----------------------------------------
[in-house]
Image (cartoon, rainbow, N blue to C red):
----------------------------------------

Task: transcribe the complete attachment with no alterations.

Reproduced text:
[in-house]
Image (cartoon, rainbow, N blue to C red):